Hemp and CBD Remain Risky Businesses in Uncertain Legal and Gig Climate

By and | October 30, 2019

Executives at Kirby Co.’s home office noticed an odd trend: Its door-to-door vacuum-cleaner salespeople were increasingly involved in the same side gig — pitching CBD oil.

Kirby, whose parent company is owned by Warren Buffett’s Berkshire Hathaway Inc., didn’t like the idea that its contractors were getting sidetracked by selling the unproven remedies made from hemp, a cousin of marijuana.

So Kirby fired them.

“I was devastated,” said Abe Sharqawi, 48, who was a Kirby contractor for almost three decades. He said the company claims it let him go partly because he was distracted by work at a CBD shop his daughter opened. “My plan was to do another 15 years with the company.”

A Maine family farm that grows hemp is in limbo after losing its lender and its insurance provider.

Kirby says it’s simply a question of salespeople fulfilling their contracts, but the situation reveals a wider issue in the growing gig economy: How much control companies should have over the actions of workers who aren’t technically employees.

The conflict comes as cannabis laws ease after decades of prohibition, creating a patchwork of rules that vary by state and are tricky for businesses to navigate. Even as pot pushes into the mainstream in places like Michigan, Colorado and California, stigmas and bans persist, even for hemp, in other parts of the country. The U.S. Department of Agriculture is expected to address hemp’s legal status as soon as this week.

“The issue with CBD is still relatively new,” said Bruce Douglas, an attorney with Ogletree Deakins who works with employers on labor issues and has no connection to the Kirby cases. “It’s not unusual for employers to want to ensure that their employees don’t bring disrepute on the business.”

Hemp was federally legalized in December as part of the latest farm bill, but some states still have laws banning it. And though CBD sold legitimately in the U.S. is made from hemp and not marijuana, doubt about its legal status remains a hurdle for farmers, truckers, law enforcement and employers such as the century-old Kirby.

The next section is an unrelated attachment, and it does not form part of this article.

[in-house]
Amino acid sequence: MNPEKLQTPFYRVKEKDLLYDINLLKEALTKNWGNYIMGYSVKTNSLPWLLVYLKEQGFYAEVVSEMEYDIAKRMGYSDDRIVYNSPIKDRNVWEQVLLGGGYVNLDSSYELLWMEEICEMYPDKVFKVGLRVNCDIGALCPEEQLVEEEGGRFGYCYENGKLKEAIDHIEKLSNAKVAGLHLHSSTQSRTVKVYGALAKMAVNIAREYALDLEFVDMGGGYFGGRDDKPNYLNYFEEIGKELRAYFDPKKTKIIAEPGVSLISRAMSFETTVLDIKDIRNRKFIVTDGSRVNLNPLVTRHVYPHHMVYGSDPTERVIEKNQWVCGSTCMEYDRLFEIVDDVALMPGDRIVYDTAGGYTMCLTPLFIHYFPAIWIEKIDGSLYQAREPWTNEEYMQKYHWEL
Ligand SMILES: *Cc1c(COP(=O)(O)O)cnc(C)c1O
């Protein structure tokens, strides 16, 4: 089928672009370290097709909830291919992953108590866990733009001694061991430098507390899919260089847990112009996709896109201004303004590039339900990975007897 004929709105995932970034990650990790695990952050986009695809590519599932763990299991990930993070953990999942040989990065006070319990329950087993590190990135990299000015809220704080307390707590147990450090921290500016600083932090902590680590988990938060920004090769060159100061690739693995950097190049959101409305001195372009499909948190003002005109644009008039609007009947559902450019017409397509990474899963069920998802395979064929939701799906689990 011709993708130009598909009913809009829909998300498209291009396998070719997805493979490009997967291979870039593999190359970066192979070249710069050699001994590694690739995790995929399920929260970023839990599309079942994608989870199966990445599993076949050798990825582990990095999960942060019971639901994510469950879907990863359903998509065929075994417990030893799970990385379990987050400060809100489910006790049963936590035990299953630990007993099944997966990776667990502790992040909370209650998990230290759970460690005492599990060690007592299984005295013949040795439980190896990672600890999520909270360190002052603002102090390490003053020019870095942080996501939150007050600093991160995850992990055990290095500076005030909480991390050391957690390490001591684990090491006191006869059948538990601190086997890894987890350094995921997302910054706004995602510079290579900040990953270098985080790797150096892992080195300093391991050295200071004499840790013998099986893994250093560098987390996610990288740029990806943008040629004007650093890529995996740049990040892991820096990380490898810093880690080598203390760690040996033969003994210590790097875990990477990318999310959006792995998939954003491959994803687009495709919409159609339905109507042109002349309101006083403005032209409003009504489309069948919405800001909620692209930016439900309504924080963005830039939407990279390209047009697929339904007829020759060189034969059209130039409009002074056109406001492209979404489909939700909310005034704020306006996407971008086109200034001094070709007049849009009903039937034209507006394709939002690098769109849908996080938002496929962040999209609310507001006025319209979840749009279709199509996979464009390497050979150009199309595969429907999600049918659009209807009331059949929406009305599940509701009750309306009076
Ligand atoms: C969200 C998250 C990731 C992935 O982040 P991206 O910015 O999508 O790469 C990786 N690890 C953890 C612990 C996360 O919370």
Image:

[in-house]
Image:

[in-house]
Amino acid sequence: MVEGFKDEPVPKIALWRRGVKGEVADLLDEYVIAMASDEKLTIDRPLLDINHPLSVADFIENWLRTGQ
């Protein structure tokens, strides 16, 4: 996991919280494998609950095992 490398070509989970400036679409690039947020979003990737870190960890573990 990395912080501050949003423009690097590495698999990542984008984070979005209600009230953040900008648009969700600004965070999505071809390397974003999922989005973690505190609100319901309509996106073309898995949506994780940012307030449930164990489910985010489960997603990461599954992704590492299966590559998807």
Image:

Kush Doppelganger

It doesn’t help that hemp looks just like marijuana. They’re both cannabis. But unlike its party-hearty twin, hemp is known for hundreds of industrial uses. For example, its stalks can make rope, paper and insulation; its seeds go into animal feed, flour and beer; and its oil can treat pain, insomnia, anxiety and acne, enthusiasts say. Its primary difference with marijuana is that it doesn’t produce a high. Hemp that contains less than 0.3% of THC, the psychoactive chemical responsible for getting baked, is legal under the farm bill.

Americans spent $1.8 billion on CBD products in 2018, an amount that could grow to $20 billion if the government expands its approval to include CBD as a food additive, according to BDS Analytics.

Activists have spent decades agitating for hemp’s legalization. This year, more than 480,000 acres of hemp are licensed for cultivation in the U.S., up from roughly 112,000 in 2018, according to New Frontier Data, a cannabis-research company.

Ball of Confusion

In the meantime, confusion reigns.

In South Carolina, a farmer was arrested and 10 acres of his hemp crop destroyed after police alleged he planted it in an unregistered location. He said he’d hoped hemp could make up for the income lost to agricultural tariffs.

In Maine, a 180-acre family farm that grows hemp is in limbo after losing its lender and its insurance provider.

In California, police warned farmers not to sell hemp at roadside stands, adding that any sale of the plant for smoking made it by definition marijuana and not hemp — even though hemp can be a tobacco substitute.

Drivers in Idaho and South Dakota have been arrested for transporting hemp. People in pain reject CBD remedies because they fear flunking drug tests. And thieves mistaking hemp for marijuana have ripped up plants all over the country.

Involvement with CBD, named for its active ingredient, cannabidiol, is a no-go zone for Kirby contractors. The company has filed two lawsuits against five former salespeople, including its ex-president, Raymond “Bud” Miley, who joined businesses that sold the oils.

“Kirby independent distributors must use their best efforts selling Kirby products while operating legally and ethically,” the vacuum-cleaner company said in an email response to questions. An October 2018 policy prohibits salespeople “from being involved or invested in any business that causes them to not fulfill their obligation of using their best efforts.”

Family Included

Contractors’ relatives were included in the policy “so that independent distributors would not try to skirt enforcement by putting business endeavors in the name of a family member.” The company added: “Kirby does not get involved with the business of a spouse or family member unless the operation of that business (which can be any business) detracts from that person’s ability to abide by the terms of their contract with Kirby, which we believe was the situation.”

The salespeople have fought back. Sharqawi’s lawyer said he submitted a complaint to a Florida state agency in December, and another former worker sued the company in August.

But why would Kirby staff go from the anachronism of door-to-door vacuum-cleaner sales to peddling a fad so new its legal status remains unsettled?

Ringing doorbells to pitch vacuums can be difficult. Selling CBD is easier, Sharqawi said.

“People should be able to invest in whatever legal company they want to invest in,” said Sharqawi’s attorney, Caryn Groedel. “This industry is booming. Why not get in on it?”

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